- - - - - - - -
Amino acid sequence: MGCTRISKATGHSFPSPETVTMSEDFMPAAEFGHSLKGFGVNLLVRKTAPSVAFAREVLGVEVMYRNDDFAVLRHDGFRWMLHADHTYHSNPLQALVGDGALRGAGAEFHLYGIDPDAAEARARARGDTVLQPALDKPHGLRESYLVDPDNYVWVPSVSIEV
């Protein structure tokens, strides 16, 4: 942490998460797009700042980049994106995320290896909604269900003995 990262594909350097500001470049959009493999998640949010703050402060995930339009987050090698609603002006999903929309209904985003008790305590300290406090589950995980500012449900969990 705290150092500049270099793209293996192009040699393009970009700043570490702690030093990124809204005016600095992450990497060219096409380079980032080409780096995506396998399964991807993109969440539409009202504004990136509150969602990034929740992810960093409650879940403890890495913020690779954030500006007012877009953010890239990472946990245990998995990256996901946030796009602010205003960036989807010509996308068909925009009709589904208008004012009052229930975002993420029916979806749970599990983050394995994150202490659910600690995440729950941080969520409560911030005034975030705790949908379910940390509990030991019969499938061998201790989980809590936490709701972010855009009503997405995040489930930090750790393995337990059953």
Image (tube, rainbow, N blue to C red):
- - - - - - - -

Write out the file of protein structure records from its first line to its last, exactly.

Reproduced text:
Amino acid sequence: MGCTRISKATGHSFPSPETVTMSEDFMPAAEFGHSLKGFGVNLLVRKTAPSVAFAREVLGVEVMYRNDDFAVLRHDGFRWMLHADHTYHSNPLQALVGDGALRGAGAEFHLYGIDPDAAEARARARGDTVLQPALDKPHGLRESYLVDPDNYVWVPSVSIEV
């Protein structure tokens, strides 16, 4: 942490998460797009700042980049994106995320290896909604269900003995 990262594909350097500001470049959009493999998640949010703050402060995930339009987050090698609603002006999903929309209904985003008790305590300290406090589950995980500012449900969990 705290150092500049270099793209293996192009040699393009970009700043570490702690030093990124809204005016600095992450990497060219096409380079980032080409780096995506396998399964991807993109969440539409009202504004990136509150969602990034929740992810960093409650879940403890890495913020690779954030500006007012877009953010890239990472946990245990998995990256996901946030796009602010205003960036989807010509996308068909925009009709589904208008004012009052229930975002993420029916979806749970599990983050394995994150202490659910600690995440729950941080969520409560911030005034975030705790949908379910940390509990030991019969499938061998201790989980809590936490709701972010855009009503997405995040489930930090750790393995337990059953």
Image (tube, rainbow, N blue to C red):